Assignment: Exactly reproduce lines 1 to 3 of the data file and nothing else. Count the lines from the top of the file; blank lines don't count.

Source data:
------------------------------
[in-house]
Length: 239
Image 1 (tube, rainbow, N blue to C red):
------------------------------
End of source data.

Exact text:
[in-house]
Length: 239
Image 1 (tube, rainbow, N blue to C red):